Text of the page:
If Charleston South Carolina is the most sophisticated southern City, then nearby Savannah Georgia is her fun younger sister. General James Oglethorpe docked his ship here in 1733 and declared this Georgia, America’s 13th colony, so there is plenty of history in Savannah too. But Savannah is a self-proclaimed party town on the Savannah River. The saying goes, in Charleston they ask who you know, in Atlanta what do you do, and Savannah what do you drink?
What’s cool about Savannah – besides the Riverfront walks, tree-lined parks and streets, and a plethora of rooftop bars and old fashioned pubs, is the slow country attitude.
Top Things to do in Savannah:
The Old Savannah Trolley Tour takes 90-minutes and is an ideal orientation to all Savannah’s historic sites, grand mansions and park squares. Learn of Savannah’s military timeline from protecting the North, specifically the Carolinas, from the South – the Spanish Catholic invasions from Florida, to the Civil War that divided families in this otherwise gracious and gentile town.
Savannah’s green parks are a must. Savannah was designed in squares with an alphabet of beautiful green spaces. Forsyth Park is perhaps the most magnificent and Savannah’s largest park, 30-acres, with a spectacular fountain and a 300-year-old Candler Oak tree. But Chippewa Square is more famous since it’s the site of Forrest Gump’s park bench scene… the bench actually came from Hollywood and is now in the Telfair Museum. Franklin Park is legendary as Martin Luther King Jr. first gave his Dream speech here in 1963 outside the First African Baptist Church.
Savannah’s most beautiful street, Jones Street, is southern elegance defined with Spanish moss-draped Live Oaks, brick federal mansions featuring upper floor porticos – all the fashion in the 18th century, and wrought iron balconies cascading with ivy and flowers.
Drink rum at The Pirate House where Robert Louise Stevens spent time chatting with sailors and “pirates.” Their stories became the substance of Stevens’ Treasure Island novel.
See a movie at the country’s oldest theatre, Lucas Theatre. Local SCAD students, Savannah College of Art and Design, premier their work in this historic movie house during the Savannah Film Festival.
Drink in Savannah. Stroll the streets with drink in hand thanks to Savannah’s to go cup policy. You can take your drink from a bar – just ask for a To-Go cup. Once a prohibition town, Savannah was also anti-Catholic, also not allowing slavery or lawyers for that matter. Of course locals say if there was no drinking, there’d be no layers. Well, Savannah now proudly wears its open-mindedness and party pants. I’ve never witnessed so many happy hours, enhanced by Savannah’s aforementioned To-Go Cup policy.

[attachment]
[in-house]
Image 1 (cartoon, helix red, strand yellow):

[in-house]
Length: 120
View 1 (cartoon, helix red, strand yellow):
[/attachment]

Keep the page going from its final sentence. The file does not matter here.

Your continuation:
City Market is a restored warehouse section of Savannah -now a vibrant pedestrian zone with lively bars, relaxed restaurants that spill out onto the sidewalks, boutiques & art galleries. Afternoons bring live music performances and great people-watching. Take a selfie with Johnny Mercer – Savannah’s famous Hollywood song writer. Think Moon River and Baby Its Cold Outside among his oldie but goodie movie sound tracks for Capitol Records.
Down by the river is The Cotton Exchange in beautiful old brick warehouses. See the Factor’s Walk bridges at street level on the city side, then go down two stories to the waterfront on the historic 3-S staircases, read: steep, stone, scary.
River Street offers an authentic cobblestone promenade with waterfront shopping and pub crawling. Get a sample of Praline at Savannah Candy Kitchen, then walk along the Riverwalk to The Waving Girl statue, which honors Florence Martus who greeted every incoming ship for over 40 years.
Take a free boat taxi across the Savannah River to the Westin for a commanding view of Savannah’s suspension bridge and the busy shipping port.
Sunset in Savannah, go to Rocks on the Roof, the rooftop bar at The Bohemian Hotel to watch the container ships come into the river loaded with foreign cars and freight from a far.
Go to The Pink House for shrimp and grits, or she crab soup. This pretty pink 1776 mansion is a stunning remainder of gracious southern hospitality. The Planters Tavern downstairs just creaks with pub folklore.
Play Ghost in a Graveyard. Savannah is the most haunted city in the US. Much of the city was built on top of graveyards, so it’s a city living on the dead. 100-acre Bonaventure Cemetery is the most famous, outside town. The Greenwich Cemetery hosts the grave of Danny Hansford, whose murder inspired Savannah’s “Midnight in the Garden of Good and Evil.”
Stay at the River Street Inn, in the heart of Savannah’s waterfront, overlooking the Savannah River, on the Trolley Route. Enjoy the Inn’s complimentary wine and cheese reception in the evening, and the French bakery Café M next door in the morning for coffee and fresh baked buttery croissants.